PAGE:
Risk of genotoxicity in human iPS cell-based therapeutics

by Alexey Bersenev on December 8, 2012 · 1 comment

in embryonic/iPS, reviews

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We wrote a lot about risks associated with potential therapeutic application of iPS cells. Generation of iPS cells linked to significant genomic instability and acquisition of mutations. The recent review, published in Molecular Therapy, nicely summarizes the current status of the problem of iPS cell genotoxicity. This is the best review on the topic! Because it’s not openly accessible, I’m going to go through the major points of the review here.

What is genotoxicity?

Genotoxicity is a term used to refer to heritable and potentially toxic or deleterious effects on a cell’s genetic material.

What predisposes cells to acquire genotoxicity?

  • prolonged cell culture;
  • stemness (high expression of pluripotency genes);
  • use of intergating viral vectors as gene carriers (insertional genotoxicity/ mutagenesis);
  • genetic modifications for therapeutic purpose.

All of these factors could be directly applied to iPS cell generation.
Today we have significant evidence for high genomic instability of human iPS cells. The authors cited recent reports and highlighted the differences with embryonic stem cells:

The human iPSCs showed a similar frequency of chromosome 12 duplications compared with human ESCs. However, unlike human ESCs, no aberration involving chromosome 17 was detected in human iPSCs.

How can we assess genomic instability and what is the best method? You can see all current methodologies in the following scheme:
(Adapted from: Mol Ther doi: 10.1038/mt.2012.255, modified).

Each method has advantages and disadvantages. For example, G-band karyotyping – well established, widely available, cheap, but has low resolution:

… standard karyotyping did not reveal any abnormalities, the subclones possessed subkaryotypic abnormalities identified by aCGH.

Molecular karyotyping via array-based comparative genomic hybridization (aCGH) or single-nucleotide polymorphism (SNP) arrays have higher resolution but poor sensitivity for detecting minor subclones compared with traditional karyotyping, and cannot be used to detect mosaicism because these assays read out the pooled hybridization of genomes from many cells.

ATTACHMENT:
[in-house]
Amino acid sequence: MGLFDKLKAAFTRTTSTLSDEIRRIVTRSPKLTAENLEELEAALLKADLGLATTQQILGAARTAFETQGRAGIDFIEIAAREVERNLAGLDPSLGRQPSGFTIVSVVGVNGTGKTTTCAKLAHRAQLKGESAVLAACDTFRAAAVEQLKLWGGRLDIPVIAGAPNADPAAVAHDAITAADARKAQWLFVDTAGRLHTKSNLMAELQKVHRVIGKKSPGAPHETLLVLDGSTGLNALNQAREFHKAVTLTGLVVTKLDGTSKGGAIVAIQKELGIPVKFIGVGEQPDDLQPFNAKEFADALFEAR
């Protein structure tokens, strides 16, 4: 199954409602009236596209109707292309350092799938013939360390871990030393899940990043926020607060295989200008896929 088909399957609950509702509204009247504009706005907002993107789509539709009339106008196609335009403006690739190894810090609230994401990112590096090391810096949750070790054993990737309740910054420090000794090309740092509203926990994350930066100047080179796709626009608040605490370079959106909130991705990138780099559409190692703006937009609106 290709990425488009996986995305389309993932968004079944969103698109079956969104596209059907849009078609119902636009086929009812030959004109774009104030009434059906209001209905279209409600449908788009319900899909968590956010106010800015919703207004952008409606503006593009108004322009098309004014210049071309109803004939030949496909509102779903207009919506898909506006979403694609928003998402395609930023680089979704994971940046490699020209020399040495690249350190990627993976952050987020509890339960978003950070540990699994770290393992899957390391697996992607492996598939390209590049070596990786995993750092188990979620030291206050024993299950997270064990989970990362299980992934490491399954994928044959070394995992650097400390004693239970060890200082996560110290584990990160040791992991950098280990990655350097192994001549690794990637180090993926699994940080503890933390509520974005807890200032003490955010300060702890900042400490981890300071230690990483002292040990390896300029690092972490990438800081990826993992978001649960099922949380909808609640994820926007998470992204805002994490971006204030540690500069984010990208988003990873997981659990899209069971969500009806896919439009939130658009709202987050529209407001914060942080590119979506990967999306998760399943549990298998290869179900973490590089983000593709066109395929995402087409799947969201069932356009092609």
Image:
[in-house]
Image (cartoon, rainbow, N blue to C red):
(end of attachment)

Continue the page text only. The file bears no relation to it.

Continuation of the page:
Sequencing technologies have very high resolution and good sensitivity, but costly and required bioinformatics support:

Gore et al. performed exome sequencing of human iPSCs and their parental fibroblasts. A total of 124 mutations were found in 22 otherwise karyotypically normal human iPSC lines, with an average of five protein-coding point mutations in the regions sampled per each line.

Unresolved issue:

… it still remains unclear whether reprogramming itself is a mutagenic process and moreover what the biological consequences of the described abnormalities might be. The studies published to date reported conflicting data, suggesting that in this nascent field, lab to lab variability in culture conditions or passaging procedures could potentially account for the inconsistent results.

For both clinical and “disease in a dish” applications, it will be important for the field to agree upon a standardized approach to characterization, both initially and with prolonged culture. In addition, epigenetic or functional instability of iPSCs are also of concern, and should be carefully evaluated along with genotoxicity.

How different reprogramming methods impact iPS cell genotoxicity?

To date, available data suggests that the reprogramming method itself, whether integrating or nonintegrating, does not impact on reprogramming-associated genotoxicity.

How to minimize iPS cell genotoxicity risk:

  • Standardization of genetic assessment of iPS cells;
  • Developing new preclinical models for evaluation of safety. The authors proposed a nonhuman primate model and validated high-throughput in vitro assay.
  • Suicide gene (safety switch) strategies. It was recently described for ES cells and iPS cells.

Finally, the authors called for collaboration between researchers, cell product developers and regulators in order to advance the use of iPS cells in medicine.

This review is highly recommended!

{ 1 comment… read it below or add one }

Paul Knoepfler December 10, 2012 at 11:34 pm

Great piece Alexey.
I’m one of the biggest fans of iPS cells in the world, but rushing them to the clinic is unwise. We still have so much to learn about these exciting cells. If I point that out, people in the stem cell field often get cranky.


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